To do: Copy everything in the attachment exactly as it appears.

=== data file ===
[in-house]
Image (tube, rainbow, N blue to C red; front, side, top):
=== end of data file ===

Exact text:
[in-house]
Image (tube, rainbow, N blue to C red; front, side, top):